Threet offers “we were drinking[...]” as another excuse, and yet another way to deflect blame for his own decisions and actions that killed Terence. In doing so, Threet not only blames alcohol but also Terence.

In fact, Threet was obviously sober enough to plan and execute his attack on Terence. There is no evidence that Threet attacked Terence in a wild, drunken rage. Threet targeted Terence for two hours that night, then carefully planned to trick Terence into lowering his guard so that he could punch Terence in the face.

Despite having seventeen years to reflect on his actions, Threet has continuously failed to grasp the consequences of his statements and actions. By falsely claiming that it was a “fistfight”, disregarding his actions that began two hours beforehand, and blaming immaturity and alcohol, Threet demonstrates that he still does not blame himself for killing Terence. How are we as a community supposed to feel safe and secure, if it’s clear that Threet could commit such violent acts again without any understanding of why they’re wrong?

Instead of using the interview as a chance to publicly apologize for killing Terence, Threet repeated the same lies that he relied on in 2005 and 2009; all of which was already rejected by a jury of his peers at his trial. Threet neither needs nor wants forgiveness from Terence, our family, or Terence’s friends. Threet only seeks the public’s support for his release, not forgiveness.

I do not believe Threet’s claim that he is a “different person now.” He has once again publicly repeated the same lies that he declared in 2005 and 2009. Threet is still the lying coward that he was the night he killed my brother, Terence.

The article published along with the interview stated that my family “has aggressively protested Threet’s parole.” Our effort over the past years has been compelled by our duty to protect Terence’s memory and hold Threet accountable for killing Terence. We will not permit Threet to rewrite the events of that night.

The interview proves that Threet is unremorseful for killing Terence. A remorseful person does not repeatedly lie to the public about his actions or lay blame elsewhere. A remorseful person accepts responsibility for the consequences of his actions.

We are also fearful that Threet’s continued failure to show any remorse for his violent actions means that Threet continues to pose a danger to our community. We continue to oppose Threet’s release because we believe that his inability to show remorse means that Threet could easily hurt someone else in our community.

Threet’s Social Media Campaign Spreads More Lies and Further Demonstrates Threet’s Lack of Remorse

In October 2017, a month before the CBS interview, Threet’s family and supporters launched a website to gather petitions in support of Threet’s parole. As of today’s date, August 15, 2019(*), the website includes numerous false statements indicating that Brandon Threet, his family, and his supporters see Threet as the victim. They don’t even bother to mention my brother, Terence by name! Instead, the website refers to Terence as an “opponent.”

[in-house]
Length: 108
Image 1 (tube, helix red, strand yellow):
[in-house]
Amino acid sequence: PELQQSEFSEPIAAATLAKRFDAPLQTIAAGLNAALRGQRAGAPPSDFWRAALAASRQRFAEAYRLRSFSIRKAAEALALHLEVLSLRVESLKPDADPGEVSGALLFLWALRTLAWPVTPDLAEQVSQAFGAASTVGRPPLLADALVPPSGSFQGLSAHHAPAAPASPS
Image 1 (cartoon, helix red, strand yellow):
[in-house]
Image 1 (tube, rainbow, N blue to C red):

The website further attempts to rebrand Threet’s attack upon Terence as an “altercation,” and not the brutal premeditated assault that it was. In the video, Terence is smiling when Threet punched him in the face. There was never an altercation from Terence’s perspective. As the prosecutor stated at Threet’s trial, Threet’s attack was an ambush: Threet targeted Terence two hours before tricking Terence and killing him.

The website also attempts to confuse people about Terence’s cause of death by suggesting that Terence’s death might not have been caused by Threet’s violent acts. Such a claim is absolutely ludicrous. Terence’s cause of death has never been in controversy. Several expert witnesses, including the neurosurgeon that tried in vain to save Terence and the medical examiner that performed the autopsy on Terence, testified that Terence’s death was caused by blunt force trauma to the head. Threet was wearing steel-toed work boots when he kicked Terence in the head as Terence was still on the ground.

Finally, the website falsely claims that Threet has attempted several times to reach out to us through TDCJ Victim Services.

In fact, Threet has attempted to contact us only once shortly before his second parole review. Threet has publicly lied in the 2005 and 2009 Austin Chronicle articles about the events of that night and failed to accept responsibility for killing Terence. We have never received any indication that Threet hopes to apologize or otherwise take responsibility for killing Terence. Instead, as detailed above, all of Threet’s actions since killing Terence show that he remains remorseless and even attempts to characterize himself as the victim.

(*) UPDATE: As of September 2019, Threet’s supporters altered their website, removing the language that we took issue with. Our protest has had an effect on them, but we need your help more than ever.